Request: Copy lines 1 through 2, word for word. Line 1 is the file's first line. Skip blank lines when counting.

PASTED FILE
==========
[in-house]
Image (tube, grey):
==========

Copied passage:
[in-house]
Image (tube, grey):